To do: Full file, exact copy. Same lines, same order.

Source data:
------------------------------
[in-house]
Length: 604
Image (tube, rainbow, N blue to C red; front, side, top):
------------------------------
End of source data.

[in-house]
Length: 604
Image (tube, rainbow, N blue to C red; front, side, top):